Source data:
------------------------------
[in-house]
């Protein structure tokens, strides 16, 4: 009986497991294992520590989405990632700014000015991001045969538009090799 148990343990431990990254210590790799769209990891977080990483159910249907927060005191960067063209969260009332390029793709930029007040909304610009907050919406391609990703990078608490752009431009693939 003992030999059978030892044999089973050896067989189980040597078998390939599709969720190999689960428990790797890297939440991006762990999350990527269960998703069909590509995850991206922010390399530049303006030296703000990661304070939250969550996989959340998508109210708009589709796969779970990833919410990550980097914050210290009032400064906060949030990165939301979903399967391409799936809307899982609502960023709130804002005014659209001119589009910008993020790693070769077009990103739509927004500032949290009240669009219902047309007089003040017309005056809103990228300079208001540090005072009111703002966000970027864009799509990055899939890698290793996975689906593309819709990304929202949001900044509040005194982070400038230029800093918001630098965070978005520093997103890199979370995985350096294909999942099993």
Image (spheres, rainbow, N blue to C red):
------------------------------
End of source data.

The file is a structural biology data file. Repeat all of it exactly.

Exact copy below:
[in-house]
């Protein structure tokens, strides 16, 4: 009986497991294992520590989405990632700014000015991001045969538009090799 148990343990431990990254210590790799769209990891977080990483159910249907927060005191960067063209969260009332390029793709930029007040909304610009907050919406391609990703990078608490752009431009693939 003992030999059978030892044999089973050896067989189980040597078998390939599709969720190999689960428990790797890297939440991006762990999350990527269960998703069909590509995850991206922010390399530049303006030296703000990661304070939250969550996989959340998508109210708009589709796969779970990833919410990550980097914050210290009032400064906060949030990165939301979903399967391409799936809307899982609502960023709130804002005014659209001119589009910008993020790693070769077009990103739509927004500032949290009240669009219902047309007089003040017309005056809103990228300079208001540090005072009111703002966000970027864009799509990055899939890698290793996975689906593309819709990304929202949001900044509040005194982070400038230029800093918001630098965070978005520093997103890199979370995985350096294909999942099993």
Image (spheres, rainbow, N blue to C red):